From, To, Subject, CC - are you sending to one person or many? Your choice. Is it a list, a group, or a handful of recipients picked for that message from your addressbook. It doesn't matter. IMAP, POP3, NNTP, SMTP, UUCP, NFS spool - all are just ways of getting and sending messages comprised of a header and content to one or more recipients.
Ever use Pine?
Reading your response, it sounds like you don't see any particular advantage of having these two internet services. Maybe you would also argue that we could skip newsgroups alltogether? Since they are practically the same, according to you.
> Mailing lists.. use the same terminology, concept..
Yes, but not email as a whole. Only mailing lists, as I have written earlier.
Does email not send messages TO recipents, CC other people, have a SUBJECT and responses are generally quoted with the subject tagged with an Re:?
Both email and usenet.
Do not good email clients use filtering, blacklists, folders, sent-messages folder, drafts folder, and an outbox folder?
Both email and usenet.
Usenet and email are quite interrelated and woven together. Applications use the same interfaces, the same editors, etc.
So if they are all the same, then why do we need the newsgroups services at all? Maybe you would also argue that we trash the newsgroups alltogether?
Quite a few newsgroups have, over the past ten years, moved to mailing lists. Most new groups, rather than face the public (read: spamable) forum of newsgroups have been created as mailing lists rather than newsgroups.
Me, I like newsgroups - the browsability, the fact that you can ignore 'em for a month and then come back (whereas mailing lists always get delivered *somewhere* filling up diskspace). You're not the first to suggest abandoning newsgroups because "mailing lists do everything they do and are more controllable". It's a pretty common observation that mailing lists and usenet groups are redundant. Still, there are communities on usenet that have been going strong for 15 years, and are pretty entrenched.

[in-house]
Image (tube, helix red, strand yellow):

That fact is, usenet and mailing lists might be redundant (especially in the post-DNS era Internet when bangpaths aren't necessary - manual routing of mail made usenet much more attractive :) ), but people actively use both.
> You're not the first to suggest abandoning newsgroups
Actually I don't really care, people who like them...please use them.
Anyway, you seem to think just like me that there is an isolated group using newsgroups, not "common people". I argue not to combine this with email software, it will give my grandmother (and 1000s others) an extra headache when she tries to configure her mail because of the extra options. And what do you gain? That some techies get some extra functionality. What is more KDE?
Well, seen from one point of view, there is an isolated group using email. Some people just use the web and never get their email working. Usenet is a powerful tool, just like email is, and is functionally similar to email. Many people use it through Google Groups simply because good GUI newsgroup programs are rare (easier to find on *nix, but the majority of users don't like installing software and don't use *nix).
I started filling up a notebook with notes on a new, simplified communication tool for KDE using plugins for greater extendibility. I'm kicking around the idea of using python, and have been playing with PyQt and PyKDE. No idea if I'll get anywhere with it - I have little free time, and already have a big project I'm committed to that's sucking up my spare time.